When taking in large amounts of information, try to explain it in a few sentences. Kick off your meetings with provocative big ideas. Power important email messages with simple but thought-evoking subject lines.

Stop Multi-tasking. Really. STOP.

We have written before about how we are inundated with more and more tasks every day.

Nu-uh. Not going to happen.

Nu-uh. Not going to happen.

Relentless simultaneous input and output fatigues the brain and reduces productivity and efficiency. You may think that by doing two or three things at once – like participating in “corridor meeting” on your way to somewhere else while tapping out a couple of emails on your smart phone –  you are actually moving faster through your day. But nothing could be further from the truth.

Our to-do lists keep getting longer while performance and accuracy slip. So, when working on higher-order thinking tasks that matter, allow your focus to be completely uninterrupted for at least 15 minutes at a time and then gradually increase the length of those intervals.

And remember – you can never do everything. There will always be “something” on your list of things to do. Worrying about the length of the list is a sure-fire way to increase your stress, and stress reduces your ability to think clearly.

So prioritise your lists, and be comfortable with the fact that “everyone dies with something on their list”.

Move Your Feet

Recently published research shows that aerobic exercise stimulates positive brain change and memory gains faster than we previously thought possible.

Adding regular aerobic exercise that elevates your heart rate to your routine at least three times a week for an hour won’t just help with physical health, it will also increase brain blood flow to key memory centres in the brain and improve our memory for facts. When you combine complex thinking with aerobic exercise, brain health benefits are amplified. You don’t have to become a gym junkie – a brisk walk round the block or your local park is an excellent choice.

Works just as well in an office as it does on a 747.

Works just as well in an office as it does on a 747.

And here’s a thought: if you really can’t get away from your desk, what about doing some of those “sitting in your place” exercises that they now recommend to help prevent Deep Vein Thrombosis on aircraft?

Roll your neck, shrug your shoulders, shake your hands, waggle your feet, push them up and down.

Anything that improves circulation and muscle use will help your brain, too.

Action this day.

Until recently, we thought that cognitive decline was an inevitable part of getting old, but the good news is that’s officially not the case.

Toxic physical and mental habits and a life on autopilot are key culprits for unnecessary cognitive decline. Research has shown that healthy adults who use these strategies can regain lost cognitive performance, improve blood flow in the brain, speed up communication between its regions and expand its structural connections.

See results fast!

Just like all those ads for food supplements and gym memberships, you can actually evoke some of these positive changes in a matter of hours. Adopting this new, healthier way of thinking translates into immediate real-life benefits that support our ability to make decisions, think critically, reason and plan.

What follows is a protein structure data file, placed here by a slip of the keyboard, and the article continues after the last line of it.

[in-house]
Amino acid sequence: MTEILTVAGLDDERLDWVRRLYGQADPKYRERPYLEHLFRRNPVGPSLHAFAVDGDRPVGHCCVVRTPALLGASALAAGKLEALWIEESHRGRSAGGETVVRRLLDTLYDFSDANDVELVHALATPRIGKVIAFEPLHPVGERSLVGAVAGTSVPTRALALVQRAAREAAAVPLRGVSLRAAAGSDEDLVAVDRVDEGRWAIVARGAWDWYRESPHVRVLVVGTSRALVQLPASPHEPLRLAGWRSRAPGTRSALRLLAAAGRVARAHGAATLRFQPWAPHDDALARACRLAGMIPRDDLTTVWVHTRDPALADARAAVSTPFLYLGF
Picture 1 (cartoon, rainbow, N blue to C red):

In other words, shaping your brain by engaging in the right kind of daily mental exercise has the power to reverse brain aging and actually make you smarter, more creative, and less stressed.

So boost your brainpower! You have nothing to lose, and much to gain.

This core of this article was originally written by Sandra Bond Chapman, PhD, author of “Make Your Brain Smarter,” who is founder and chief director of the Centre for Brain Health, and a Distinguished University Professor at The University of Texas at Dallas. Wellthisiswhatithink has added to it substantially.

earsTo become an effective communicator, with all the ease and success that phrase implies, you need to learn to listen just as much as you need to learn to speak.

This article, which is largely from reproduced from an article by Susan Krauss Whitbourne, Ph.D. at Psychology Today with a few additions from the Wellthisiswhatithink team, is excellent advice on how to achieve that.

Unfortunately, most people focus more on the speaking than they do on the listening.

Whether in a one-on-one conversation or a group meeting or classroom, focusing on what others are saying allows you to present yourself more effectively. And when you listen correctly, you also learn more, and make better decisions.

Look around the room during a lecture, presentation, or lunchroom. The tell-tale signs of people not actually listening are everywhere.

Some individuals put on a blank stare that can only be described as their “screen-saver face”. You know what that screen-saver face looks like: it’s that blank stare in which the eyes are dull and looking blankly into nowhere and the face has absolutely no expression on it at all.

You’ll also notice people in a group or audience who don’t look at the speaker at all. In fact, they look everywhere else.They fiddle with their pencil or longingly gaze at their cellphone or even try to sneak a peek at its screen. If there’s a window in the room they stare at the sky, even if the view is just that of the neighbouring office building. A great speaker may captivate even the most recalcitrant audience member. The average speaker, colleague, friend, or family member may have a hard time grabbing the gaze of the assembled listeners who don’t know how to practice basic listening skills.

If we are speaking, we want others to listen. So why can’t many of us perform the favour in reverse?